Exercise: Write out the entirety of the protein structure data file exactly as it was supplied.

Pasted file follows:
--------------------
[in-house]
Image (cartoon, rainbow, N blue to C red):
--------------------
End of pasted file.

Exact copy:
[in-house]
Image (cartoon, rainbow, N blue to C red):